In 2003, Pres. George W. Bush signed the Prison Rape Elimination Act. The bill required federal and state lockups to implement certain procedures and standards that would address sexual abuse behind bars. Not doing so would run the risk of penalties, including the loss of federal grant money.
The final rules took effect in 2012, and the Texas governor at the time, Rick Perry, refused to sign on. But in a 180-degree reversal, current governor Greg Abbott says the state will be brought in-line with the law.
Matt Simpson, a senior policy strategist for the American Civil Liberties Union of Texas, talks to the Standard about the shift.
“In a way, the state was heading in the same direction as the federal requirements,” he says. “It was Gov. Perry, probably in some ways, talking about his opposition to DC.”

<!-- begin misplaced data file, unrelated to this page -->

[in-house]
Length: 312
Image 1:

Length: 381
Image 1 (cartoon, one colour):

Because Texas was creating an ombudsman in the correctional system to address sexual assault, Perry may have felt the state was already working toward compliance. Simpson says.
“Ultimately. Governor Abbott decided that these are straightforward, common sense things to implement to prevent sexual assault,” he says. “It’s very likely Gov. Perry had one idea of how we could get there and Gov. Abbott has a different one.”
Listen to the full interview in the audio player above.